If you are looking for a good daily city commuter, with need for utility, these Rangers can't be beat. The rear suspension has the leaf springs installed over the axle, which is great for hauling heavy loads, which is not found on any other truck in this class. The trade-off is that the ride height is quite high, and there is a lot of body roll. Make sure you look for anti-sway bars if purchasing this truck.
If you are looking for performance out of this vehicle, the 3.0L V6 is not the way to go. The 3.0L is a common run of the mill midsize V6 with a pushrod valve train. It is a good work engine with lots of low end torque, but there is no aftermarket to improve this engine. The 4.0L is a much better choice for performance, or if even more power is needed, the 2.3L turbo engines, and 5.0L Ford V8s drop in quite easily. The transmission has lots of spacing between gears, which is good for towing, but bad for performance. 3.73 or 4.10 rear end gears improve off-the-line acceleration greatly. In terms of street handling performance, this truck is terrible. The front I-beam suspension is ancient, conveys little road feel to the driver, and does not respond well with the road. The 98+ rangers have a revised front suspension which make them handle much better on the street. The rear leaf springs are not very stiff, and there is lots of axle sway. Anti-sway bars help quite a bit. The shocks all around are very soft, not good at all for street performance. The open differential also hinders grip and thus performance. I believe all trucks after 95 came standard with anti lock brakes. Make sure you get anti lock brakes, as when stopping, weight transfers to the front of the vehicle and the rear wheels lock, anti lock brakes solve this problem. The stopping distance of my truck is acceptable.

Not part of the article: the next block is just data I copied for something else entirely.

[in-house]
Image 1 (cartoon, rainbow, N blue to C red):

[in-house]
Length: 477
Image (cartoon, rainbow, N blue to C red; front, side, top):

Reliability is a rather strong suit of this vehicle. I had some freak electrical problems, including a heating problem that was incredibly expensive to fix, but these are just freak incidents. It is unlikely many other vehicles will have these problems. The starter is on its way out, but that is quite common in any vehicle getting to be 6 or 7 years old. One thing I noticed is that the accessory belts need to be replaced quite often. I'm not sure if that is common with all Rangers. Mechanically, this truck has held up very well. I learned to drive standard on it, and I drive it quite hard, but the engine and drivetrain of these little trucks are rock solid.
The interior is very nice, and more attractive in my opinion then any other compact pickup except for the new Nissan Frontiers. The regular cab may be a bit cramped for anyone over 6 feet. I have taken 15 hour drives in this vehicle and have been fine.
This is not a good vehicle for winter driving. Because the drive wheels are in the rear, and the vast majority of the weight is in the front, traction in adverse conditions is horrible. Without a limited slip differential, you must drift into other lanes when passing, for accelerating over a snow drift causes the vehicle to spin out very easily. Winter tires and over 100 lbs of weight in the box are an absolute must. 4X4 models with larger tires and limited slip would be competent winter trucks.
Safety is a concern with this truck. Without anti lock brakes, a limited slip differential and good tires, the truck does very poorly in adverse conditions. The poor setup of the suspension, and large amount of body roll mean this truck rolls easier than most in its class, and accident avoidance is worse. On the other hand, the Ranger has always come out on top in crash tests, including a recent offset crash test. Drivers side airbag came standard in 97, while passenger side was optional.